Marine police are investigating an accident where a 8.5 m speedboat’s propeller hit two amateur divers in Sai Kung on Sunday. It’s understood that they were hit near Tsim Chau off Tai Long Sai Wan while emerging.
The police have arrested a father and his son, who were on the speedboat when the incident took place. The father, a 53-year-old solicitor, was behind the wheel with his son by his side.. Their boat was detained at the Marine Police East Division base in Sai Kung. They could face four years in jail and a penalty of over HK$200,000 if convicted of endangering others’ lives.
One of the divers, Lai Chun-sin, 30, a Fire Services Department probationary station officer at Lau Fau Shan Fire Station, sustained critical injuries after getting hit in his chest and legs, which may need to be amputated. The other Choi Wai-kin, 29, an officer from the Correctional Services Department’s Shek Pik Prison, also sustained leg injuries. A female diver escaped unscathed. They were rescued by the Marine Police and brought to shore. Lai was taken to Pamela Youde Eastern Hospital by a government helicopter, followed by Choi.
Their friends, who were on a leisure boat, called for help. Lai is a licensed diver and an experienced tutor. Choi and the other diver are his students. The speedboat came straight in the trio’s direction, even though markers had been deployed.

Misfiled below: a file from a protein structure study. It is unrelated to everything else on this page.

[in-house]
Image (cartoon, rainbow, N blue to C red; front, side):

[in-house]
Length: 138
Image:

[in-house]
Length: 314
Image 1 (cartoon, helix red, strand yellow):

The marine police regional crime unit is investigating the incident.
The Fire Services and the Correctional Services departments said their welfare staff were in touch with the victim’s families to provide assistance.
Paul Hodgson, of Oceanway Corp., a local Sai Kung company that does dive training in the Sai Kung area, told BUZZ that such accidents were not common in Hong Kong, and that divers are taught to put down markers in areas where other boats were operating. Also, areas frequented by divers were shown on Marine Department Notice 14031, and boat owners should be aware of them. He suggests that maybe this notice need updating owing to the increasing popularity of recreational diving in other areas.